People get stuck….until they don’t

10 tribes of digital diagram

I have a theory that people and systems tend to get ‘stuck’ at the point at which they have their digital moment and realise that the world could actually be different and that looking at how you change ways of working as well as the underlying technology could be part of that difference. The problem is that those same systems and people keep flinging themselves at revelation trying to make chance happen.

This is an extension of my digital tribes work. The digital tribes are my digital ethnography side hustle project looking at the emergent cultural groupings and the way in which organisations get captured by a definition of digital and then get stuck trying to deliver it. I last updated the tribes thinking a couple of years agoand rereading it I think there are two major additions to the tribes:

  • The design thinking tribe has continued to grow but we are now seeing service design really coming to the fore and UX being seen much more as a delivery discipline. There are still a lot of skinny jeans and post-it notes involved here.
  • Systems thinking is the new tribe on the block: while not new its now being used across the board as a way of navigating complexity

In the next iteration I think I’m going to add the product people from the methods tribe as they have gotten louder and I am also expecting to include the quiet rise of the engineer leaders; a tribe of technical folks who are confident enough in modern engineering to try and claim whole aspects of the other tribes; method, design and data to name but three. I am not sure if Devops will be owned by this tribe or whether it emerges on its own.

So far so stereotyped but for me the encouraging thing about all of this is the emergence of some shared ideas such as the need for multidisciplinary teams, the link between technology and organisational design and the mainstreaming of some of the cultural aspects of these tribes; mainly iterative and experimental approaches. For government folks this is beautifully summed up in Simon Parkers recent piece in the context of rethinking new public management and the role of government.

The fact is that all of the tribes have deepened and extended their disciplines and this makes it more likely that they will meet in the middle rather than being slightly tense islands afloat in organisation: new ways of working are reaching critical mass.

We are also starting to see ‘traditional’ disciplines moving closer to the new ones – or vice versa. Some of the most satisfying work I have seen over the last 12 months has been seeing business analysts collaborating with UXers, Project managers with agile coaches and service designers working with business architecture to build rich pictures of how people process and technology join up for us.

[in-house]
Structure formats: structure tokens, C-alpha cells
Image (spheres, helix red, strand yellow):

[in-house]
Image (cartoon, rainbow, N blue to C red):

This speaks to one of the reasons that I started doing my tribes side hustle – I tend to have a bad reaction to people talking in absolutes and a lot of the digital tribes have tended to try and hold organisations hostage – basically do it my way or you are off the digital highway. They can also be quite humourless about their craft which I also react badly to. I am more about looking at the liminal spaces between the tribes and looking at how we build bridges not just between these new groups but also between the people who have not yet had their digital epiphany and need to get their heads around it. I like my digital with a bit of kindness and empathy.

System change is rarely just cultural however and there is is another change (or lack of change) trap that it’s easy to fall into and this one is a framing problem; do you frame digital as a strategy opportunity or a cultural one? The digital tribes very much frame things in a cultural sense but the capture I talked about earlier is also about one of these tribes taking hold of the organisational change agenda and focusing on their domain as being the heart of digital transformation.

This can be seen by the rolling and emerging definitions of digital transformation that we have seen from the first ‘brochure online’,through digital marketing, data driven decision making to AI and automation definitions. The leading edge of digital transformation is now focused on organisational agility with the kind of design/system thinking mashup that Simon described alongside it. As the definition of digital transformation has shifted so has the organisational arena in which its debated as well as the reason for pursuing it in the first place.

We’re heading into a global recession and most if not all organisations are going to be facing some tough choices. We’re also seeing a massive growth in the everyday use of digital technologies. Organisations that survive will have worked out how to make the best use of those technologies for their purposes and will have avoided getting stuck on one definition of digital or captured by a specific tribe.

Not all organisations will survive this period and arguably the ones which are two knitted into analogue or industrial society business models shouldn’t – but if you do want to survive its time to get your head around this stuff.

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